It’s not often that a white wine confounds my palate, but recently, we got into a bottle of Muga Rioja Blanco and that’s just what happened. Wait a minute, my tastebuds seem to say. What are you trying to pull here?
Come to think of it, Spanish wines have a track record of delightful surprises such as this. While the indigenous grapes of other countries — for instance, Italy — are aplenty, they tend to share enough commonalities here and there in structure, flavor and aroma to make comparisons to other grapes. They’re not quite familiar, but at least vaguely familiar.
Certain Spanish grapes, however — like Albariño, Verdejo and Mencia to name three — stand on their own.
Viura certainly resides on its own orbit, and the Muga Rioja Blanco is one of the better wines to discover its wonderfully tart flavors, since 90% of the wine is Viura. I found this wine to be firmly acidic yet bright and playful. Rather than dominate with a sweet fruit flavor, it lead with lemony notes that are soft and welcoming. Pineapple, white flowers and a peppery spiciness rounded out the rest of its profile, making it pair well with a host of cuisines. I’d like to pour a glass of it alongside mojo-marinated grilled chicken, lemon-pesto linguini with scallops, or even a light Moroccan tagine.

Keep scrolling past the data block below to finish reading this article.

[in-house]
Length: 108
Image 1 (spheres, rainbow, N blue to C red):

There are two schools on white Rioja: for lack of a better way of putting it, let’s call them traditional and modern. Traditional white Rioja is aged in oak for an extended period of time and has a fuller, nuttier flavor. Modern white Rioja is meant to be consumed young, and the Muga fits into this mold with only a brief bit of time in oak. The end result is a refreshing wine that paradoxically surprises, and can fit into most any casual occasion — for only $14.
2013 Muga Rioja Blanco
Rioja Alta, Spain
Grapes: Viura (90%), Malvasia (10%)
Rating: ★★★★ (out of five)
• Profile: ★★★★
• Food-friendliness: ★★★★ 1/2
• Value: ★★★★ 1/2
Recommended for: Rich dishes that you would top with a spritz of lemon juice.
Tasting notes: Delicate, straw-colored wine that leaps from the glass with bright, citric aromas and a hint of apple blossoms. The palate is zesty and refreshing, with pronounced lemon, pineapple and a bit of peppery spice. Acidic, but balanced well enough to not be an issue. Finish lingers with floral notes.
Additional Reading on Rioja Blanco and Viura:
- Macabeo/Viura – The Cinderella Grape? – by Jancis Robinson (Financial Times)
- From Rioja, a Surprise in White – by Eric Asimov (New York Times)
- Macabeo – Wikipedia
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